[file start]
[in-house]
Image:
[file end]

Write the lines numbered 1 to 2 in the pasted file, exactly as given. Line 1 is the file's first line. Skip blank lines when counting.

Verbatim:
[in-house]
Image: